Freedom of Movement Could be About to Change

Jun

03

Since Britain decided to leave The European Union, there has been significant analysis and speculation on the impact that this process will have on the world as we know it. With Theresa May due to publish a whitepaper this month outlining plans to end freedom of movement for EU citizens March 2019, this is likely to sharpen the focus on how these policies will impact on negotiations and what it will mean for British Expats too.

Whilst a soft Brexit could lead Britain into the EEC (European Economic Community) and a relatively limited impact on freedom of movement, a hard Brexit could bring significant challenges to expats and holiday makers that should not be ignored. A third option is that Britain is able to successfully negotiate a similar freedom of movement deal as the EEC but from outside of the collective.

With all these possibilities – what impact is it likely to have on British expats around the world?

Conditional Movement

It is unlikely that holiday makers will be too restricted by conditional movement legislation, however this is unlikely to extend to all expats or those looking to become expats in future. There is a strong possibility of the scenario where interim measures are put in place that restrict the freedom of movement as temporary (and time consuming) measures are put in place by the remaining countries in the EU.

For expats living in the EU, it is more likely that your rights will be similar to those held outside the EU by British Expats. You may be expected to produce proof of residency, work, contracts and financial documentation so it is wise to prepare for that eventuality.

A Priority VISA scheme looks like a strong possibility for the UK and in response it is likely that the EU will be ready to respond with a similar policy. So how would that affect British expats?

  • Countries would provide priority visas based on an individuals’ industry experience and specialisms aligning with their needs much like Australia do – this is likely to create hubs of British expats where expertise can be provided. Especially in areas of strength for Britain such as the banking industry.
  • Other countries could slow down or begin refusing British Expats to protect the job opportunities of EU citizens. Although any Government that adopts this is likely to come under considerable political pressure especially when the balance of trade is weighed in Britain’s favour.

Attitudes to Expats

Many campaigners have argued that Brexit would create negative feeling from EU citizens but quite the opposite is true. Whilst the majority of the EU didn’t want Brexit, the decision hasn’t turned them against the UK as a valuable ally and this is likely to be reflected in their attitudes to British expats.

Attitudes and nationalism in countries is likely to drive the decision making that individual countries make; however, freedom of movement is likely to largely be policy that is dictated by the EU rather than individual countries.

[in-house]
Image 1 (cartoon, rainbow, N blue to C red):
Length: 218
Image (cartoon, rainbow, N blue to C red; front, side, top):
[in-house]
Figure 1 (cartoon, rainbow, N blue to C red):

The Impact Outside the EU

A number of non-EU countries are eager to negotiate trade deals with a post-Brexit Britain and immigration is a big negotiating point. This could lead to new freedom of movement agreements to other parts of the world and could have a more significant impact on freedom of movement restrictions should the EU look to maintain the status quo.

  • The USA had previously stated under Obama (during Brexit campaigning) that the UK would not be a trade deal priority outside of the EU, but President Trump appears to have changed that stance – possibly due to his familial links to Scotland
  • Other countries like Australia may be convinced to allow freedom of movement to UK citizens as part of future trade reciprocal trade deals
  • Switzerland is not part of the EU but work alongside it as part of the EEC and so their approach to British Expats and freedom of movement is likely to be largely reflective of EU policy.

What Does This Mean for Expats

It is likely that there will be significant changes to freedom of movement, but many of these will change over time as immigration is used as part of trade deals and long-term negotiations. It is likely that not only UK and EU policies will be defined by these negotiations, but also the future of British foreign relations around the world, which will ultimately determine where the biggest impacts are made.

If the UK announce strict rules, it is likely that this will lead to more restrictions by other countries in response for British expats living in the affected countries. Ultimately, the true impact of these policies may not be seen for some time, but one thing is for certain that these policies will impact on freedom of movement policies around the world for years to come.

Alan Turner

The Author

Alan Turner

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